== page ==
Common Plumbing Issues Solved Common Plumbing Issues Solved


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Common Plumbing Issues Solved

Hi, my name is Clint Hastings and I've written this blog as a source of information about plumbing problems. I like to fix things around the house and through the years, I've learned a lot about plumbing systems and how they work. It wasn't always by choice, but when you wake up to a bathtub full of sewage or your kitchen sink won't drain, you've got to do something to fix the problem. All through my blog, you'll learn about common plumbing problems, troubleshooting tips and how to make simple repairs to get your water running again. Since running water is something that's used every day, I think it's important to know how to fix minor plumbing issues. Not every plumbing issue is simple to fix, so I'll also let you know when it's time to put down the wrench and call a professional plumber.

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4 Ways To Reduce The Cost Of Your Sewer Line Repairs

Your plumbing system has finally experienced a catastrophic failure. Your yard reeks of sewer odor, your drains are clogging, and your basement is constantly damp. These are sure signs your sewer line has started to leak due to a cracked or burst pipe. Unfortunately, you won't be able to repair your sewer line by yourself. However, you can reduce the cost of hiring a plumber to repair your line by performing these tasks:

Locate Your Sewer Line Damage

The first thing your plumber will need to do while repairing your sewer line is to locate and inspect the pipeline. Typically, this job is done with a sewer camera—a small camera that's fed through your plumbing system's main stack. You can purchase a sewer camera at your local home improvement or hardware store and use it to perform this job by yourself.

Use a ladder to step onto your roof and locate your stack vent. Typically, plumbing vents are covered with a metal hood to prevent rain and other debris from entering the plumbing system. Use a screwdriver or ratchet to remove the vent and begin lowering your camera into the vent.

In addition to providing a video feed, your camera will also display the distance it has traveled through your pipes. Use the distance provided by your camera feed to map out the location of your main stack and sewer line. Take note of the distance at which your main stack curves into your sewer line. Continue routing your camera through your sewer line and write down the distance from the entrance of your sewer line to the damaged sections of piping. With this information, you can mark the exact location of your damaged sewer pipe in preparation for an accurate excavation.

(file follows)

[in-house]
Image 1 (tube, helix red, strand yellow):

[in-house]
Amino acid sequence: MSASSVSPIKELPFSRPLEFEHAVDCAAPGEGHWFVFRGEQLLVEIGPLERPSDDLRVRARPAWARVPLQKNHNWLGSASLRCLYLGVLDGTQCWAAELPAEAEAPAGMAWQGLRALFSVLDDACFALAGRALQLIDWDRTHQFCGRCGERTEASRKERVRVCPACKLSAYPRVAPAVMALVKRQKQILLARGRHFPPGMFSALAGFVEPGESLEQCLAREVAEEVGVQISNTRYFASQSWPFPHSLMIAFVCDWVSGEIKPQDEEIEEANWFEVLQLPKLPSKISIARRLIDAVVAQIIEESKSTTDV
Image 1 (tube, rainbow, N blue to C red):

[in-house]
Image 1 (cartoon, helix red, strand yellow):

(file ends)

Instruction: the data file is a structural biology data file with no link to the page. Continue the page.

Contact Your Local Utility Companies

In addition to your sewer line, your yard may also contain gas, electric, power, telephone, and water supply lines. If you blindly excavate your yard with only the knowledge of your damaged section of piping, you're likely to encounter and damage these additional components.

To avoid this, contact your local utility companies and have them mark the location of their infrastructure. Unless you must excavate a section of city property to access your sewer line, this service is typically provided free of charge. Once these utilities are marked, you can safely excavate your yard without fear of accidental damage to vital components of your neighborhood.

Remove Any Obstacles

If concrete slabs, floral features, or pieces of outdoor furniture are blocking access to your sewer line, then they'll need to be removed from the area prior to excavation. However, removing some of these objects (such as a concrete slab or sidewalk) will be fairly difficult.

If you have prior experience with a jackhammer, you may be able to break apart the concrete yourself. Although, if you're not experienced at breaking concrete, then it will be more safe and cost-efficient to leave this task to your plumber—a single jackhammer accident will leave you with a hefty hospital bill.

Excavate Your Line

The most effective way to reduce your plumber's sewer repair invoice is to excavate your sewer line. However, you will only be able to excavate your line after performing all the above tasks.

With the depth measurement from your sewer line inspection, you can determine whether or not you'll need to use a trenching shovel or a backhoe to access your line. The depth of your line will depend entirely upon your local climate's frost line—the depth at which surface temperatures no longer significantly affect underground terrain.

With all the previous steps already undertaken, excavating your sewer line is as simple as breaking ground until you're near the depth of your line Once you're close to your line, dig carefully until your line is revealed. If you continue digging aggressively once you're close to reaching your line, your digging tools may cause further damage depending on the type of pipes used for your line.

Once your line is excavated, your plumber simply needs to visually inspect the line and determine whether to replace or repair the damaged piping. Typically, repairing a cracked pipe with a clamp will cost less than replacing the pipe due to the lessened amount of physical labor.

Even if you aren't able to perform all of these steps, simply locating the damaged section of your sewer line and contacting your local utility companies will significantly reduce the cost of your plumber's services.

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